“I’m mad...I will never be sane again.”
That quote is an eerie reflection of the inhabitants of the Shetland Islands with all of their bleakness, beauty, and wealth that comes from the sea and from the hard, barren land. Well-known for her mystery series featuring Vera Stanhope, Cleeves adds to her considerable repertoire in another outing for embattled Detective Jimmy Perez. Still reeling six months after the death of his beloved wife, Fran, and placed by his boss, The Fiscal, Rhona Laing, on sick leave, Jimmy is inching his way back to work a couple of days a week.
The background to Dead Water is furtive and dark, inspired by the current realities of the past and the future. Once the oil dries up, the Island will face an uncertain future. The development of alternative green energy sources will hopefully add to the wealth of the Islands. Meantime, those who hold these alternative energy sources dear to their hearts, must do battle with the lucrative oil terminal at Sullom Voe, where the strange silver light looks almost magic.
Everywhere land and water are reflected. Drained into a monochrome mood-piece, the solstice hangover is draped in dim-lit shots of haunted horizons. Huts pass for houses and whispers of the past entomb the night. Into this haunted environment comes local journalist Jerry Markham. Shetland-born and bred, once a reporter for the Shetland Times, Jerry recently sought opportunity on a London newspaper. Now “the prodigal son” has returned to write about the current energy conflicts. Jerry left under a bit of a cloud—he grew up in Fetlar and was supposed to marry Evie Watt, but Evie’s religious parents were not happy that their precious daughter was having an affair with a man they considered to be a self-obsessed confidence trickster.
Unfortunately, the past is not so easily put to rest. Jerry’s sudden murder provides a gateway to the Watt family’s own intimate secrets and private shames. When Rhona Laing calls PC Sandy Wilson telling him she has found Jerry’s body in one of the racing yoals in the Aith Marina, the event jumpstarts the investigation (including the nightmare of Rhona’s private life) and the arrival of Willow Reeves, who has come to conduct her first murder investigation. From the outset, Rhona inserts enough surprise into her voice to annoy earthy, feisty Willow. Willow adds to Rhona’s animosity by almost immediately hitting it off with reclusive, damaged Jimmy.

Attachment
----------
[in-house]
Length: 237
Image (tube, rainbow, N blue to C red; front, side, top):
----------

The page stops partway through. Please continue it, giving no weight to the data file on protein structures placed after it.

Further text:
Willow wonders why Jerry’s Markham’s body was placed in the yoal; forensic examination of the crime scene concludes that it wasn’t where he was killed. As events unfold, a portrait develops of a man who believed the world revolved around him. Willow finds herself feeling hindered by her lack of knowledge of the geography of Shetland and undermined by having a colleague who knows the place and its people better than she ever could. Still, Jimmy can almost hear Willow’s thoughts in a landscape where everything is connected and there are just too many links to be coincidental. Here are vast expanses and a claustrophobic community, council meetings and grisly crime scenes, all expertly judged and providing good lesson for Willow in how to solve a crime.
As devastated and fog-bound as the windswept hills of the Main Island, Cleeves’s characters gradually disclose the depths of human passion, dissatisfaction, and shattered dreams. While an embryonic attraction between Willow and Jimmy is one of the best attributes of the story, no one escapes unscathed—not even The Fiscal—as Jimmy, Willow and Sandy delve deep into her personal life, her connection to her neighbor John Henderson, and to the hard business of finding Jerry’s murderer. Jimmy finds it easier to deal with Jerry’s devastated parents, Maria and Peter Markham, owners of the Ravenswick Hotel, than his domestic loneliness, even with his beloved stepdaughter, Cassie, always at his side.
Cleeves is good at portraying a small, suspicious community living on the edge of the world, where the constant light is nearly as oppressive and depressing as the constant dark. Although at times the narrative moves slowly, its brooding nature perfectly matches the setting and the palpable feeling of isolation that haunts the characters. Finally the author’s vision is made real in the current BBC adaptation of Shetland (starring Douglas Henshall as Jimmy). We can now see how the eerie, sad landscapes and the constant grey skies are so much a part of this compelling mystery series.